Los Angeles County Equine Herpes Virus outbreak: 4 horses currently quarantined
In a follow-up to the Equine Herpes Virus (EHV-1) outbreak in Los Angeles County, the California Department of Food and Agriculture (CDFA) reported Saturday there are currently four (4) horses in quarantined isolation. Three (3) of these horses are no longer shedding EHV-1 virus. One of the horses continues to shed virus and will be resampled for diagnostic EHV-1 testing. None of these four (4) horses are febrile or showing neurologic symptoms at this time.
Only horses in C Barn continue to be quarantined. There have been no new febrile horses over the past five (5) days in C Barn.
Los Angeles Equestrian Center (LAEC) incident has had a total of fifteen (15) EHV-1 confirmed cases, all of those caused by the non-neurotrophic strain EHV-1 virus. Enhanced biosecurity measures continues in C Barn under quarantine and all horses’ temperatures continue to be monitored twice daily.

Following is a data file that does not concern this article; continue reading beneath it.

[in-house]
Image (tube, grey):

Equine Herpes Virus (EHV-1) infection in horses can cause respiratory disease, abortion in mares, neonatal foal death and neurological disease. The neurological form of the disease is known as Equine Herpes Myeloencephalopathy (EHM) and may be caused by damage to blood vessels of the brain and spinal cord associated with EHV-1 infection. EHM is most often due to the neuropathogenic strain of EHV-1, but may occasionally be caused by the non-neuropathogenic strain of the virus.
EHV-1 is easily spread and typically has an incubation period between 2-10 days. Respiratory shedding of the virus generally occurs for 7-10 days, but may persist longer in infected horses. For this reason, a twenty-one day isolation period of confirmed positive EHM cases is recommended along with stringent biosecurity protocols. Similar to herpes viruses in other species, the latent form of EHV-1 can reactivate at a later date, but generally with a low viral load posing a low risk of infecting other horses. Humans are not at risk of contracting the virus, however humans can act as an indirect mode of transmission.